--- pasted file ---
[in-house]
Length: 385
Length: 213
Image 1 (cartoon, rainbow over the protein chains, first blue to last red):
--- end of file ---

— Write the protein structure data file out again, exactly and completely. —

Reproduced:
[in-house]
Length: 385
Length: 213
Image 1 (cartoon, rainbow over the protein chains, first blue to last red):